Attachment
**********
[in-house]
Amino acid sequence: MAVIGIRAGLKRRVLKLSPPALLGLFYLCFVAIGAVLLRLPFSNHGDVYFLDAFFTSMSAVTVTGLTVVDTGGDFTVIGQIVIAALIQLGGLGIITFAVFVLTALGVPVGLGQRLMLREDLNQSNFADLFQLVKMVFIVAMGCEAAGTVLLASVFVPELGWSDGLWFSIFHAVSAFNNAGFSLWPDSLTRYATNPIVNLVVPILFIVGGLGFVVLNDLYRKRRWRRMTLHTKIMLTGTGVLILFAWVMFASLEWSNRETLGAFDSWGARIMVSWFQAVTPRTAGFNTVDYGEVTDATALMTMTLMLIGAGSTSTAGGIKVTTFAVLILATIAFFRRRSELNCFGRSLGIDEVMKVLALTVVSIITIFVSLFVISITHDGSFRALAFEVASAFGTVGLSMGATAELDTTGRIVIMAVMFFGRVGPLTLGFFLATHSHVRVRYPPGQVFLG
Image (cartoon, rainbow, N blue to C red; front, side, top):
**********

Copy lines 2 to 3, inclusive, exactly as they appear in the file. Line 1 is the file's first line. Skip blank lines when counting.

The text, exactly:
Amino acid sequence: MAVIGIRAGLKRRVLKLSPPALLGLFYLCFVAIGAVLLRLPFSNHGDVYFLDAFFTSMSAVTVTGLTVVDTGGDFTVIGQIVIAALIQLGGLGIITFAVFVLTALGVPVGLGQRLMLREDLNQSNFADLFQLVKMVFIVAMGCEAAGTVLLASVFVPELGWSDGLWFSIFHAVSAFNNAGFSLWPDSLTRYATNPIVNLVVPILFIVGGLGFVVLNDLYRKRRWRRMTLHTKIMLTGTGVLILFAWVMFASLEWSNRETLGAFDSWGARIMVSWFQAVTPRTAGFNTVDYGEVTDATALMTMTLMLIGAGSTSTAGGIKVTTFAVLILATIAFFRRRSELNCFGRSLGIDEVMKVLALTVVSIITIFVSLFVISITHDGSFRALAFEVASAFGTVGLSMGATAELDTTGRIVIMAVMFFGRVGPLTLGFFLATHSHVRVRYPPGQVFLG
Image (cartoon, rainbow, N blue to C red; front, side, top):